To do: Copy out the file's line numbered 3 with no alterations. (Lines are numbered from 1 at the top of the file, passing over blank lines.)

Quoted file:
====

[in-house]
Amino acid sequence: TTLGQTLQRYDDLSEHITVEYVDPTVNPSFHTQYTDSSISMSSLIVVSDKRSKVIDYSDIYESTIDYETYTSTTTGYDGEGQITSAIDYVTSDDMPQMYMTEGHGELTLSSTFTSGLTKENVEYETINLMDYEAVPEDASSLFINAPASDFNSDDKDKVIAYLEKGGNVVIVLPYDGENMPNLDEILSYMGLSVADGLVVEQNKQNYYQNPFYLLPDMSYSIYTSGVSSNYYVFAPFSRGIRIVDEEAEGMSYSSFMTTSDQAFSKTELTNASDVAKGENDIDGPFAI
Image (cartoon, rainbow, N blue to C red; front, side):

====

Image (cartoon, rainbow, N blue to C red; front, side):